• Buy a small stapler. This is useful for stapling your business cards to various forms on stands, such as the ones they provide for entering competitions. For some reason, exhibitors never seem to have a stapler themselves. Completing the same contact information over and over again is tedious and time-consuming.
  • Prepare lists of questions to ask the suppliers of particular products, if you are looking to purchase something. Different members of your team may have different questions, as suggested earlier.
  • With your team, decide on who is going to do what (if others are going as well). It is a good idea to avoid the temptation to fill every waking moment. I have found that you need to allow for serendipity, especially as some exhibitors are not listed until the last minute. I have also found that every so often you need to find a place to have coffee, think about what you have seen, plan ahead, and get rid of any unwanted paper you may have acquired on your travels.
  • Organise cover lessons if necessary.
  • If technicians will be attending as well, try and select a day when the school’s computer facilities tend not to be in high demand, just in case something goes wrong.
  • Prepare a list of phone numbers that the school secretary or someone else can contact for help if something dreadful happens.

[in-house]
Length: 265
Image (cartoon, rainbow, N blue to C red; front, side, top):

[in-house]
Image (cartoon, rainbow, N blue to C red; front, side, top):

• On the way to the show, buy a bottle of water, because show prices tend to be higher than outside. 

More tomorrow. Look at all the articles about BETT 2010.

All About BETT: What it is, 9 Reasons to Attend,4 Reasons You Should Be Allowed to Attend, and 4 Other Colleagues Who Should Go Too

Next week sees the annual, and ever-expanding, BETT Show in London. It has been going for more than 20 years, and shows no signs of being irrelevant in the near future.  So what exactly is BETT, and should you go?

The BETT Show 2009BETT is a huge exhibition, with seminars and presentations playing a supporting role. That is the theory, anyway. In practice, it would be very easy indeed to visit BETT and see almost nothing of the exhibition stands. All it requires is attendance at two or three seminars, a couple of snack breaks, and a meeting or two, and the time has gone. For that very reason, I tend to visit on at least two of the four days. It’s exhausting, but it’s the only way I can get to see things!

Unlike the case with a normal conference, especially one that is residential, people don’t so much visit one event, BETT, for several days, but several events, BETT, each lasting for one day. It therefore lacks the sense of cohesion of a conference, even a huge one such as the National Educational Computing Conference in the USA.